Don't Miss Out

Subscribe to OCA's News & Alerts.

My Top Five Superfoods

For related articles and more information, please visit OCA's Health Issues page and our Myth of Natural page.

Seasonal changes come with abundant health benefits, including a bounty of wonderfully tasty superfoods. Eating more fresh vegetables is one of the simplest steps you can take to improve your overall health.

A vegetable-rich diet can help protect you from arthritis, heart disease, stroke, dementia, cancer, and even slow down your body's aging process. I almost hesitated to write a top five list as there are so many wonderful vegetables.

Vegetables benefit all of your body's cells and tissues by infusing them with highly bioavailable nutrients that work synergistically for optimal health. Some of those nutrients even help you adapt to stress, such as the B vitamins and folate, omega-3 fats, magnesium, potassium, and glutathione.

A recent study1 found that people who consume seven or more portions of vegetables and fruit per day have a 42 percent lower risk of dying from all causes, compared to those who eat less than one portion-and vegetables pack the greatest punch.

Not all vegetables are nutritionally equal, however. If you want your vegetables to have the highest nutritional density, take a look at my list of powerhouse fruits and vegetables. Bear in mind that consuming a wide variety of different fruits and vegetables is one of the best ways to maximize your nutritional benefit.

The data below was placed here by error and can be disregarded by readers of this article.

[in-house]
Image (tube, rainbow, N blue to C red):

In the July 2014 issue of Forbes2 is an article entitled "7 Best Anti-Aging Anti-Cancer Superfoods for Summer." Now let's take a look at my own top five-and why I think they deserve that honor.

1. Tomatoes

The beautifully sweet but brightly acidic flavor of a tomato picked fresh from the garden makes for a tasty treat. But in addition to their vibrancy and flavor, tomatoes-especially organic tomatoes-are packed with nutrition, including a variety of phytochemicals that boast a long list of health benefits.

Tomatoes are an excellent source of lutein, zeaxanthin, and vitamin C (which is most concentrated in the jelly-like substance that surrounds the seeds), as well as vitamins A, E, and the B vitamins, potassium, manganese, and phosphorus. Some lesser-known phytonutrients in tomatoes include:

Flavonols: rutin, kaempferol, and quercetin     
Flavonones: naringenin and chalconaringenin     
Hydroxycinnamic acids: caffeic acid, ferulic acid, and coumaric acid       Glycosides: esculeoside A     
Fatty acid derivatives: 9-oxo-octadecadienoic acid

Tomatoes are also a particularly concentrated source of lycopene - a carotenoid antioxidant that gives fruits and vegetables like tomatoes and watermelon a pink or red color.